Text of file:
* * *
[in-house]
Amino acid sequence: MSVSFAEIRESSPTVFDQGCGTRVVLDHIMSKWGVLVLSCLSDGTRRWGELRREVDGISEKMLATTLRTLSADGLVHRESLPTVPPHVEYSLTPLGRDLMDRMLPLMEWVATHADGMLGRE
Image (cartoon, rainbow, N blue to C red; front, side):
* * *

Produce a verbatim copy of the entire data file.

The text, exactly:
[in-house]
Amino acid sequence: MSVSFAEIRESSPTVFDQGCGTRVVLDHIMSKWGVLVLSCLSDGTRRWGELRREVDGISEKMLATTLRTLSADGLVHRESLPTVPPHVEYSLTPLGRDLMDRMLPLMEWVATHADGMLGRE
Image (cartoon, rainbow, N blue to C red; front, side):